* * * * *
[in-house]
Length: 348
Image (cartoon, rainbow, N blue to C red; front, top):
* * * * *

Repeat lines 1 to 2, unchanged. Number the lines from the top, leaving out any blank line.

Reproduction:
[in-house]
Length: 348